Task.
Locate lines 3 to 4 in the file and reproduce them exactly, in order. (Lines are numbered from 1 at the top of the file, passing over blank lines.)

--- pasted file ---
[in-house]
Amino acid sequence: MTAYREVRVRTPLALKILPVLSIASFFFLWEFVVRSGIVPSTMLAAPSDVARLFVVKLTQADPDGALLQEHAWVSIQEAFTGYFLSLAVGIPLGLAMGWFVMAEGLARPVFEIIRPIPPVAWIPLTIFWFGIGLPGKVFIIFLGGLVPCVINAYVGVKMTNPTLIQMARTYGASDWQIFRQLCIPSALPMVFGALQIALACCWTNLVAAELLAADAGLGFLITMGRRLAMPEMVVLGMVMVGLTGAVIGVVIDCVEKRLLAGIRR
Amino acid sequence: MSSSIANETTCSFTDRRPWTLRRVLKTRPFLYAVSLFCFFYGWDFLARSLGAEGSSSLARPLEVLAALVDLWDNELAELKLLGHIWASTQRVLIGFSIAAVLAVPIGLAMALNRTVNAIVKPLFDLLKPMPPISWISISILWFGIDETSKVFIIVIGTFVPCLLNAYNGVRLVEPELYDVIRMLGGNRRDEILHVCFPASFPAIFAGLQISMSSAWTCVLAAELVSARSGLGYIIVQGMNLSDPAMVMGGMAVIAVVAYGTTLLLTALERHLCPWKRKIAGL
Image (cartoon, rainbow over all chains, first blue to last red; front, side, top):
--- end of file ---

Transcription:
Amino acid sequence: MSSSIANETTCSFTDRRPWTLRRVLKTRPFLYAVSLFCFFYGWDFLARSLGAEGSSSLARPLEVLAALVDLWDNELAELKLLGHIWASTQRVLIGFSIAAVLAVPIGLAMALNRTVNAIVKPLFDLLKPMPPISWISISILWFGIDETSKVFIIVIGTFVPCLLNAYNGVRLVEPELYDVIRMLGGNRRDEILHVCFPASFPAIFAGLQISMSSAWTCVLAAELVSARSGLGYIIVQGMNLSDPAMVMGGMAVIAVVAYGTTLLLTALERHLCPWKRKIAGL
Image (cartoon, rainbow over all chains, first blue to last red; front, side, top):